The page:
Phernetton v. McDonalds

Filing 63

OPINION AND ORDER: Court DENIES 55 Motion to Compel. Signed by Magistrate Judge Andrew P Rodovich on 9/15/2014. cc: Phernetton (tc)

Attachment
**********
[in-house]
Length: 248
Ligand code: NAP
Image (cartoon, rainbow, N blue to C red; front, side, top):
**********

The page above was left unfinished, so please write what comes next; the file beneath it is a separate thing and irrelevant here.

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IN THE UNITED STATES DISTRICT COURT FOR THE NORTHERN DISTRICT OF INDIANA HAMMOND DIVISION ERIC PHERNETTON, Plaintiff, v. McDONALDS. Defendant. ) ) ) ) ) ) ) ) ) Case No. 2:13-cv-00487 OPINION AND ORDER This matter is before the court on the Motion to Compel [DE 55] filed by the pro se plaintiff, Eric Phernetton, on August 4, 2014. For the following reasons, the motion is DENIED. Phernetton’s motion requests that the defendant turn over all of its evidence. However, Phernetton’s motion fails for two reasons. First, Federal Rule of Civil Procedure 37(a)(3)(B) states: A party seeking discovery may move for an order compelling an answer, designation, production, or inspection. This motion may be made if: (i) a deponent fails to answer a question asked under Rule 30 or 31; (ii) a corporation or other entity fails to make a designation under Rule 30(b)(6) or 31(a)(4); (iii) a party fails to answer an interrogatory submitted under Rule 33; or (iv) a party fails to respond that inspection will be permitted—or fails to permit inspection—as requested under Rule 34. Under this rule a party may seek an order to compel discovery when an opposing party fails to respond to discovery requests or has provided evasive or incomplete responses. Federal Rule of Civil Procedure 37(a)(2)-(3). Phernetton has not stated that he served specific discovery requests on McDonalds that it failed to respond to. Instead, he broadly states that the defendant must turnover all of its evidence. This is an incorrect statement of McDonalds’ duties. Before he may seek an order to compel, Phernetton must serve discovery on McDonalds, in the form of interrogatories, requests for admissions requests for production of documents, or notices for depositions, allow McDonald’s time to respond, and then, if he has not received a response or finds the response incomplete, he may file a motion to compel explaining the requests McDonalds has failed to respond to. Second, Rule 37(a)(1) states that “[t]he motion must include a certification that the movant has in good faith conferred or attempted to confer with the person or party failing to make disclosure or discovery in an effort to obtain it without court action.” Phernetton has not included the requisite certificate or stated his efforts to reach a resolution with McDonalds prior to seeking court intervention. For both of these reasons, Phernetton’s Motion to Compel [DE 55] is DENIED. ENTERED this 15th day of September, 2014 /s/ Andrew P. Rodovich United States Magistrate Judge

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